This hitherto unrecorded Worship of Venus is an important addition to the corpus of mythological pictures by the highly idiosyncratic Venetian artist, Giulio Carpioni. A pupil of Alessandro Varotari, known as Il Padovanino, Carpioni is thought to have travelled to Rome at an early stage in his career. It was here that he must have seen Titian's rediscovered Bacchanals, painted for the studiolo of Alfonso d'Este between 1476-1534, and bequeathed by Lucrezia d'Este to Cardinal Aldobrandini. Carpioni developed an original and instantly recognisable style that assimilated influences from the Caravaggesque Venetian works of Saraceni and Le Clerc, and the group of Veronese painters active in Rome that included Turchi, Ottino, and Basetti.
This Worship of Venus is a fine example of the small mythological pictures, largely inspired by the Bacchanals of Titian, Pietro Testa and Poussin; scenes which he interpreted with wit and a melancholic charm. Orlandi described them as 'perfect conceptions, such as dreams, sacrifices, bacchanals, triumphs, dances of putti, the most attractive caprices and fantasies that a painter, inclined to work on a small scale, has ever conceived' (P.A. Orlandi, Abecedario pittorico, Bologna, 1704, p. 311). The highly linear manner of execution, and strong contrast between the areas of palpably cold light and dark are characteristic of Carpioni's bacchanals painted towards the end of his career. The present picture can be compared with the Offerta a Venere, of similar dimenisions, in a private collection in Genoa, which Pilo dates to the mid-1660s (see G.M. Pilo, Carpioni, Venice, 1961, p. 98, fig. 124).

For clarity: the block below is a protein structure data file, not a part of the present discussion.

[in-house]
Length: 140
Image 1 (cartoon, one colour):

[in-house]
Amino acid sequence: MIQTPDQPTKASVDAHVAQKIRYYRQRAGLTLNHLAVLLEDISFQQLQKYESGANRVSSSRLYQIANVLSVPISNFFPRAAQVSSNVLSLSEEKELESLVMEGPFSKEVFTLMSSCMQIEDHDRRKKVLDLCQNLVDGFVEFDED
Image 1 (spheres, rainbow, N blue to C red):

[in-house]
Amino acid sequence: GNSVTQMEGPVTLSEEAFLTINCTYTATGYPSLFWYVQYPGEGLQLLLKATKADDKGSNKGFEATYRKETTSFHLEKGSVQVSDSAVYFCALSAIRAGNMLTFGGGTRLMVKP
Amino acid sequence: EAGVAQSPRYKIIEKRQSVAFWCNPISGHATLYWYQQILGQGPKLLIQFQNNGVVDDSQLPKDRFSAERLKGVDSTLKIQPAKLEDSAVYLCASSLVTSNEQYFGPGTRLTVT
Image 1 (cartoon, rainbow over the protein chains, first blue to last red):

The subject is taken from Ovid (Fasti, IV, 133-50) which describes a rite of worship dedicated to Venus that took place on 1 April in the Roman calendar. Women would make offerings of incense to a statue of Venus in order to cleanse 'every blemish on their bodies'.
Cefyn Bryntalch Hall, where this picture hung for many years, was built by G.F. Bodley and Philip Webb in 1869, is regarded as marking the beginning of the Georgian revival of the 1870s; it was later the home of the Anglo-Welsh composer and critic, Peter Warlock, born Philip Arnold Heseltine (1894-1930).